In an expected but controversial move, Google has rejected a demand by the French Data Privacy authority CNIL to apply the European “Right to be Forgotten” worldwide.

We have covered the E.U.’s Right to be Forgotten before, but here is a quick recap: under the E.U. rule, individuals have the right to require organizations that control personal data about them (“data controllers”) to delete all such data and abstain from further disseminating it. A data controller is required to act on an individual’s request to delete their personal data without delay unless they have a legitimate reason for not doing so. A series of European Court rulings established that search engines such as Google qualify as “data controllers,” and that search engines can be required to “delist” links to content as a means of preventing that content from being disseminated. Most surprising however, is the suggestion in these rulings that Google can be required to delist links from all Google domains, not just from domains in the E.U. or in specific E.U. countries. 

The worldwide delisting concept was first applied to Google in X & Y v. Google France, In that case, a Paris Tribunal ordered Google to remove links to websites containing information on the French plaintiffs from all Google domains, rejecting Google’s claim that delisting the links from should be sufficient since all individuals accessing Google in France are redirected to According to the Tribunal, the plaintiffs’ claims could not be limited solely to the links returned on because Google did not demonstrate the impossibility of connecting from within French territory by using other Google domains.

Following the ruling, Google began to delist links on its domain, but kept them on other domains. These actions were not sufficient for the CNIL, a French Data Privacy authority, which issued a formal request in June demanding that Google widen its implementation to all Google domains or face sanctions. CNIL gave Google 15 days to comply.

The ruling and subsequent demand raised several concerns. Internationally, many legal commentators worried about the ability of one country to pass a law that would so severely restrict the right of individuals in other countries. Meanwhile, free speech advocates warned that if Google did as requested, it would lead to other countries passing Right to be Forgotten laws with fewer free speech protections then are included in the E.U. rule, and that such laws would result in a “race to the bottom” and severely limit what information can be accessed online.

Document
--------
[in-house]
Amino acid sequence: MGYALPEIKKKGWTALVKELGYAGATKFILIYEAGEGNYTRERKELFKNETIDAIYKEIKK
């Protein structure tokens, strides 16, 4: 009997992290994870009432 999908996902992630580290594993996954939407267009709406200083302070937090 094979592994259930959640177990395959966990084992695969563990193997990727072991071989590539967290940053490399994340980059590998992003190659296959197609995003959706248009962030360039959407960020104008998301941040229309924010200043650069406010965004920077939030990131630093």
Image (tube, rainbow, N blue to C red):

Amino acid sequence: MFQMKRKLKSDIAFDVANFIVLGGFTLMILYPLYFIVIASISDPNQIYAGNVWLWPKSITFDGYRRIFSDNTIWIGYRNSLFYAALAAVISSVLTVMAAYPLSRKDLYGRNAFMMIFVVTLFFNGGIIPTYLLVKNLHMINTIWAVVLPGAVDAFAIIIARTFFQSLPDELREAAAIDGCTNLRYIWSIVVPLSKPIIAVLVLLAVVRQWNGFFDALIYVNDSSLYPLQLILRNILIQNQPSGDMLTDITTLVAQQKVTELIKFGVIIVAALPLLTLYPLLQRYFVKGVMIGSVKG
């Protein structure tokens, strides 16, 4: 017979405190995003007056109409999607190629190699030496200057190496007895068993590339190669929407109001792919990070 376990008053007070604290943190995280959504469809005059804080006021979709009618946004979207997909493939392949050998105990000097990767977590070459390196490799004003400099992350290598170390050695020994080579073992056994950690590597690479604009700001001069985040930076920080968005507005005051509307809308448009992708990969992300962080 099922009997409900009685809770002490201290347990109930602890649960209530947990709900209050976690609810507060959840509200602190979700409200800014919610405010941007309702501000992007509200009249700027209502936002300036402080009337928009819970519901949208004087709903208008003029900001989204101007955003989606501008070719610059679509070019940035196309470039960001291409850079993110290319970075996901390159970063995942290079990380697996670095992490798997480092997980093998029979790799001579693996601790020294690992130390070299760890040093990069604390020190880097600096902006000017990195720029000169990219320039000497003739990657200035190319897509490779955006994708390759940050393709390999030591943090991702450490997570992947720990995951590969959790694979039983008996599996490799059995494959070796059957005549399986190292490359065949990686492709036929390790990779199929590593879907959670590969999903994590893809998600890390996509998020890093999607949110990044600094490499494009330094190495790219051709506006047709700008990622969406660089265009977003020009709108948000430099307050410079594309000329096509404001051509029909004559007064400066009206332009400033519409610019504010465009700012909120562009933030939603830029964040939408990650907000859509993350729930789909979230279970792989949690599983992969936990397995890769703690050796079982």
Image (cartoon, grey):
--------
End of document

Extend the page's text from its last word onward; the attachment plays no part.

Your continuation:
On July 30, 2015, Google’s Global Privacy Counsel Peter Fleischer issued a blog post declaring that Google would not comply with the CNIL’s demands. Unsurprisingly, the post stressed the concerns highlighted above. First, Fleischer restated Google’s position that “while the right to be forgotten may now be the law in Europe, it is not the law globally.” He then went on the highlight the potential dangers of a rule that would allow one country to restrict what information can be accessed online by individuals in other countries:

“[T]here are innumerable examples around the world where content that is declared illegal under the laws of one country, would be deemed legal in others: Thailand criminalizes some speech that is critical of its King, Turkey criminalizes some speech that is critical of Ataturk, and Russia outlaws some speech that is deemed to be “gay propaganda.”

These are legitimate concerns, and it is unclear how this issue will end up playing out. The CNIL can follow through and sanction Google, but since the maximum sanction is €150,000, it seems unlikely that the fine will do much to change Google’s stance. This is especially true since Google’s entire business model is based on their users being able to access the maximum amount of information online. That being said, the Right to be Forgotten can’t really be said to work if all it takes to “remember” information is to conduct searches on instead of With stakes this high, it seems unlikely that this is the last Google will hear from the CNIL or the European Courts.